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You Welcomed Me

Our religious communities have a huge stake in mitigating the damage of an ongoing immigration crisis, says author Kent Annan.

Treatment of immigrants and refugees reveals a lot about our families, churches, communities and nation, he explains in his forthcoming book, “You Welcomed Me: Loving Refugees and Immigrants Because God First Loved Us.”

Annan is director of humanitarian and disaster leadership at Wheaton (Ill.) College, a private Christian institution in the Chicago area. He begins “You Welcomed Me” by recalling a conversation about immigrants with his 8-year-old son, who asked, “Are we for them or against them?”

“Our call to love our neighbors as ourselves can get warped into a call to protect Americans as ourselves,” says Annan. “The lives of people who are vulnerable are at stake, and our own lives are at stake as people who won’t welcome them.”

Annan says that isn’t an extreme stance.

“Refugees had to flee danger at home, and the ones eligible to resettle here are only the most vulnerable 1 percent,” he explains. “We’re breaking up families with deportation; children were separated from their parents at the border. As a country, we’re now receiving about 75 percent fewer refugees than the past. Immigrants and refugees are, it seems, being harassed because of how they’re talked about in the public square.”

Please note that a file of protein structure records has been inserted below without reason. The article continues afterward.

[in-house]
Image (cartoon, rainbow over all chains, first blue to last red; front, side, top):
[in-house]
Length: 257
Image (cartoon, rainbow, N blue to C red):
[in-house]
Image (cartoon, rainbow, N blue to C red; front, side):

Today, there are 47 million legal immigrants in the United States, according to the United Nations Population Division. The Department of Homeland Security notes the majority are immediate relatives of U.S. citizens (47 percent) or received family sponsorship (20 percent).

Thirteen percent are refugees or asylum-seekers. Since 1975, nearly three-quarters of the nation’s 3 million refugees, have come from western Asia and northeastern Africa, according to the U.S. State Department.

“Immigrants and refugees both challenge and affirm the narrative of America,” Annan writes in chapter 3. “The United States has been a place of refuge and opportunity for many strangers. … a place of refusal for others (during travel bans), a place of purgatory for millions (particularly undocumented workers) … and a place of exploitative oppression past and present for still others (including Native Americans, slaves and their dependents).”

Karris Golden writes The Courier’s weekly faith and values column. Email her at


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